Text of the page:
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Make the Filibuster Difficult Again

For President Biden to succeed, the Democrats must find a way to limit the Republicans’ use of the filibuster, the procedural weapon in the Senate that requires 60 votes to advance legislation to a vote and threatens to leave the new president’s agenda in purgatory.

On Monday, the newly demoted Senate minority leader, Mitch McConnell of Kentucky, relented on his demand that Senate Democrats preserve the filibuster, and he agreed to move ahead with discussions on a power-sharing agreement. But the filibuster still lives: At least two Democrats have said they oppose ending it, enough to frustrate any effort by Democrats to do so by a majority vote in the 50-50 Senate.

So long as Mr. McConnell holds those two cards, any Democratic threat to end the filibuster altogether — the so-called nuclear option — is doomed. This leaves Mr. McConnell with a potential veto over most of the Biden legislative agenda.

But what if a genuine compromise were possible that preserved the Senate filibuster as a protection of individual conscience while giving President Biden a fair shot at enacting a desperately needed Covid-19 relief package? Such a compromise exists, we believe, by restoring the original “speaking filibuster,” made famous by Jimmy Stewart in “Mr. Smith Goes to Washington,” in place of the modern version.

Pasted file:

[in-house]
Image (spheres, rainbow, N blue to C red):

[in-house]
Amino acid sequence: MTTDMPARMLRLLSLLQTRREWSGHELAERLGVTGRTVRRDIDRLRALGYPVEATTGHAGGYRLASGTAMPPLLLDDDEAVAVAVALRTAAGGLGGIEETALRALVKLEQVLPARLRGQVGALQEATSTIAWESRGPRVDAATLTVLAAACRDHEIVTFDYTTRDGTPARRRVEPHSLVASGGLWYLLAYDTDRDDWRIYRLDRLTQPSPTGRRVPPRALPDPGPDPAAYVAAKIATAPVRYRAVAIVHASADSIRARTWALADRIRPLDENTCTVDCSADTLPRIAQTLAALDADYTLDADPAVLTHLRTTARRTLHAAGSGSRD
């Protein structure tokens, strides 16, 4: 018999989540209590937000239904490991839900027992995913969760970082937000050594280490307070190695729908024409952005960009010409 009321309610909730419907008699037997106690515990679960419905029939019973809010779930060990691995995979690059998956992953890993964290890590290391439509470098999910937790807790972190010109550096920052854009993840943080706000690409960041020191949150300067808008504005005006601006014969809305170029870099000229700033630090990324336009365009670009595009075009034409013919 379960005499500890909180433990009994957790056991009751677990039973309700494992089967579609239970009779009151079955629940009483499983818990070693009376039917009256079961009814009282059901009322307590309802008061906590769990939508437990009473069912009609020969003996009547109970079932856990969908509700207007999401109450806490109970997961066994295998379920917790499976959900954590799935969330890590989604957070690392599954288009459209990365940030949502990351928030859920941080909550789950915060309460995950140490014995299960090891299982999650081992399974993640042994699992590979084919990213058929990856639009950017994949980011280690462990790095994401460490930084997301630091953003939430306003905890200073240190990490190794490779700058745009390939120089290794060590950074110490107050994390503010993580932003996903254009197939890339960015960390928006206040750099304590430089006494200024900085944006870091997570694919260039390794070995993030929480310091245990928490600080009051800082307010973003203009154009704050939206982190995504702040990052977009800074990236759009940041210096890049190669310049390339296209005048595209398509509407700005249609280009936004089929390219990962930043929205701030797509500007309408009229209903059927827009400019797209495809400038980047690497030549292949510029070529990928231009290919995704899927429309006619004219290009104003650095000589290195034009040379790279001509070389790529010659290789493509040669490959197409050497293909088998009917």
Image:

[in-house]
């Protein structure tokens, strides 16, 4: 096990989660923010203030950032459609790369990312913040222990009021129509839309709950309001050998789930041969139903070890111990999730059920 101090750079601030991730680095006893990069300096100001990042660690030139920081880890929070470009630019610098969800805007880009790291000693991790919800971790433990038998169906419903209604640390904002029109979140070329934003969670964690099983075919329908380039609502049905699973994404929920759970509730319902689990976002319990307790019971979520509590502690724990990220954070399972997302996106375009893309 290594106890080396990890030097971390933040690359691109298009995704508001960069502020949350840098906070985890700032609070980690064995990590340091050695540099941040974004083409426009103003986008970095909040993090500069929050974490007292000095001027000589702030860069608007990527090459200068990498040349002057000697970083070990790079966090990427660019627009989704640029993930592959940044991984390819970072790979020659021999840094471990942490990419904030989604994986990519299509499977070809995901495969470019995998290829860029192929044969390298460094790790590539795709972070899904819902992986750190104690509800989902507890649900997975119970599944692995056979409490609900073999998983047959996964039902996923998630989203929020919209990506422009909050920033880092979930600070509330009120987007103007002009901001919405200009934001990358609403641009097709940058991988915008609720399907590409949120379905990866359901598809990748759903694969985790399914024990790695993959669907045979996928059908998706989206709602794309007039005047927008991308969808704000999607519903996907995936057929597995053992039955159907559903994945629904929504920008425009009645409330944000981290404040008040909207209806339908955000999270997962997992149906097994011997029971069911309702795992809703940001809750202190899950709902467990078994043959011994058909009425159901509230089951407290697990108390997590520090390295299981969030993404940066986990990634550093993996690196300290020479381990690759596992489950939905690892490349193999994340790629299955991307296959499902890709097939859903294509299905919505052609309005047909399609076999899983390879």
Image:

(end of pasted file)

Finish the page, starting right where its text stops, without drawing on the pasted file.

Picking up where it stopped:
In the beginning, from 1789 to 1806, debate in the Senate could be ended at any time by majority vote. In 1806, the Senate abolished that rule, leaving no way to cut off debate. This decision gave birth to the filibuster to delay or block legislative action. This involved a senator holding the floor continuously, as Mr. Smith did (not easy), or to act in carefully choreographed relays with like-minded colleagues (also not easy) and prevent a vote on the merits.

Still, a few successful filibusters were maintained, most notoriously to block anti-lynching and other civil rights legislation, but only when opposition was so passionate that senators were willing to endure the physical and logistical rigors of seizing the Senate floor and refusing to let go. In 1917, opponents of the United States’ entry into World War I were able to sustain such a speaking filibuster, blocking widely supported legislation that would have enabled merchant vessels to arm themselves. An angry Senate reacted by adopting formal rules that allowed an end to debate by a vote by two-thirds of the senators present on the floor.

Read entire article at New York Times